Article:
According to the German Environment Agency, there are up to 140 million tons of waste at the bottom of oceans, floating in the water, or washed up on beaches.
This shocking statistic is one of the first things you’re confronted with when you visit the website of Original Unverpackt, Berlin’s first packaging-free supermarket, that this month celebrated its first year anniversary. Original Unverpackt means something like “Originally Unpackaged” in German, and the concept is simple: they offer the same products as a normal supermarket, but they buy them in bulk, and the customers bring along their own jars, bottles, boxes and bags to put their items in (or they pay a small deposit and borrow some containers from the store). Fruits and vegetables are all free of plastic packaging, and dry stuff like rice and cereals are in big vats where you can take as much as you want to fill your container.
It’s all really simple actually – the only thing you have to remember to do on your first visit is to weigh the empty containers before you start, so that the weight of the container can be removed from the total weight at the till, allowing the cashier to work out how much of each product you’ve actually bought. (I forgot to do this a couple of times on my first trip, but the workers there were really nice, and very patiently helped me empty, weigh and then refill my beloved mason jars).
And at the end of it you end up with a whole load of groceries, minus the added plastic, and for a similar price.
This is what a quick trip to a normal supermarket in Germany usually ends up looking like (particularly because I usually try and buy organic things, which until recently at least, were for some reason always packaged in more plastic than the non-organic ones, example: bananas in a “bio” plastic bag). And yes, I went to Netto rather than an organic supermarket, where lots of things are sold in reusable glass bottles, so it ended up looking pretty horrible and package-y…
And this is what my shopping looked like after a trip to Original Unverpackt.
I was surprised that they even had things like tofu (pictured in the jar in the middle), that was locally produced, and lots of different sweets, nuts, cereals, spices and herbs.
The only thing I couldn’t find that I usually buy every week was soya/rice/almond milk. I’m assuming this is hard to source directly in bulk from a supplier, and maybe it’s something that they’ll start stocking in the future. They had normal milk though, and they even sell beautifully-designed (and very expensive!) glass bottles for you to take your liquid stuff home in.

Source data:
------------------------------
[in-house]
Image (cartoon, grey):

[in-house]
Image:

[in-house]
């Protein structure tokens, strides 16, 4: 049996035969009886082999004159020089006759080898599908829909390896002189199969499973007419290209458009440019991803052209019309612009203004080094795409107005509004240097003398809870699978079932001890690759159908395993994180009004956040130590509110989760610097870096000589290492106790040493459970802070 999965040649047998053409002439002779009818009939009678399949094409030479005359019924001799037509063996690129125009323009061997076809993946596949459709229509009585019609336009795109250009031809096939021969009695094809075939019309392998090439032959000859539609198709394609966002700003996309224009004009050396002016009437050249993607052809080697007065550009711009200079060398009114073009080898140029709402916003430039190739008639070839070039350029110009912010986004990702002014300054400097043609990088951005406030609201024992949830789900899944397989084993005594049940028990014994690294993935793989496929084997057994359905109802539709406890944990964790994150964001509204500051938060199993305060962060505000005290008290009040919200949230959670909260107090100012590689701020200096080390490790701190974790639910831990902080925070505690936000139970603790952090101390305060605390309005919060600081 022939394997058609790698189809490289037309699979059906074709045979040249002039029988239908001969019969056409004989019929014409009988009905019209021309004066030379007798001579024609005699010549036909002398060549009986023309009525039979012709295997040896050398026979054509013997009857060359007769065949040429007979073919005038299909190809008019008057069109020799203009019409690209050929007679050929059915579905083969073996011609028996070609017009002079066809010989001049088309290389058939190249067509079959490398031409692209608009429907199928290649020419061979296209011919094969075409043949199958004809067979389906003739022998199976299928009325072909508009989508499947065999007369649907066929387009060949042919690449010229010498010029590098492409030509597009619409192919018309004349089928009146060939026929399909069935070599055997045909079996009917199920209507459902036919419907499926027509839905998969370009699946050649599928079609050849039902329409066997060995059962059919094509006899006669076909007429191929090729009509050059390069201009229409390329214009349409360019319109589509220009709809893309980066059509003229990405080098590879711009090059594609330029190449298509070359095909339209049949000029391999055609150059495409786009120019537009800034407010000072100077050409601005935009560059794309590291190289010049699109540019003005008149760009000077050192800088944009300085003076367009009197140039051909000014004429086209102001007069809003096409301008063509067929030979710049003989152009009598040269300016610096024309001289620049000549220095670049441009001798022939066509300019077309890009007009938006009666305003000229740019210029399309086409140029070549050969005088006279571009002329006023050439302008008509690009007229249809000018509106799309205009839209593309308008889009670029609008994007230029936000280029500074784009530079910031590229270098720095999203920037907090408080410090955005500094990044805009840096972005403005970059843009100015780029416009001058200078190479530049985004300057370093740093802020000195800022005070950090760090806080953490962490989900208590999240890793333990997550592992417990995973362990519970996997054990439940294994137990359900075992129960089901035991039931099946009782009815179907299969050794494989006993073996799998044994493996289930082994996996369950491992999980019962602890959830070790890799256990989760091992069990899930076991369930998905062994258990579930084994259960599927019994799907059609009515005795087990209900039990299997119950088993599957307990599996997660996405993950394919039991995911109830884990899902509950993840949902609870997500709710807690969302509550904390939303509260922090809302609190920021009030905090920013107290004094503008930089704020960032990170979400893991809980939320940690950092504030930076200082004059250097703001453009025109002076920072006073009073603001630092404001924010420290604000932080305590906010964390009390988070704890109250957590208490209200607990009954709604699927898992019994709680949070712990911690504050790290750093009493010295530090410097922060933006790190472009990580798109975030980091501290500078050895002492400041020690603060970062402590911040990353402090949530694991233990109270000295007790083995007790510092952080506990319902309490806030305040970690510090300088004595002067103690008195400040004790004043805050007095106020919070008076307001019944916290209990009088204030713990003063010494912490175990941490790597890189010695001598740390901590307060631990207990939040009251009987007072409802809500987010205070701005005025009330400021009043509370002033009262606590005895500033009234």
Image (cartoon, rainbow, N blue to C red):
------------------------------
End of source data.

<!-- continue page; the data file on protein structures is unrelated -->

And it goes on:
And I was surprised that they had vodka on sale…
…and even red wine!
I went there on a Saturday evening (just before they closed for the weekend – German supermarkets aren’t open on a Sunday), when supermarkets are usually really busy, and Original Unverpackt was no exception. This shop was busy. It was almost difficult to move around. And it wasn’t just the kind of people you might expect to be shopping in a place like that (women in long hippy skirts and men with manbuns maybe?), but a completely average mix of people.
I was annoyed for a second at first when I realised that they didn’t have some of the things I wanted, particularly when it came to fruits and vegetables, but then I realised that that is actually exactly how a supermarket with fresh produce should work. If their shelves had been full half an hour before closing time, they would have had to throw away a whole bunch of stuff, just so that I could have the luxury of buying that one pomegranate, or whatever it was (I can’t even remember, that’s how important it was).
Okay, so I have to admit I haven’t been shopping there regularly since – it’s just too far for me to travel for a few things – and I tend to get most of my food from the sort-of-dumpster-diving organisation known as Foodsharing (an article about that will follow some unspecified time in the future). Doing your main supermarket shop here requires dedication, like any lifestyle change does. You need to plan ahead and have your containers ready, and be ready to transport your really heavy shopping home (there’s extra weight of course, because glass jars are way heavier than flimsy plastic trays and cardboard cartons). You basically need to be ready to not be as lazy as I am.
Despite all that, going there is definitely an eye-opening experience, and a really good reminder of how much waste we as consumers create in our day to day lives. And although I’m currently too lazy to go all the way to this shop to buy my groceries, there are other things I try to do when I do end up in a supermarket, as an attempt to minimize the amount of plastic I end up taking home. Like trying to avoid putting my vegetables in a plastic bag when I buy them – either choosing a paper one, or just putting them loose on the conveyer belt (even though this means the cashier and the other customers look at me really strangely while my tomatoes and all other round things roll all over the place), and choosing things in paper packaging rather than over plastic (like really simple bags of oats, rather than buying the fancy pre-mixed müsli in a plastic bag). Actually, even just writing this article has inspired me to go back. After all, is there a better sight in the world than a mason jar full of goodness?
For an interview with the owners and a look around the shop in more detail, check out the video below